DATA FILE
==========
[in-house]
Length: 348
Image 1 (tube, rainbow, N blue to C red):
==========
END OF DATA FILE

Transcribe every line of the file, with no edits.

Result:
[in-house]
Length: 348
Image 1 (tube, rainbow, N blue to C red):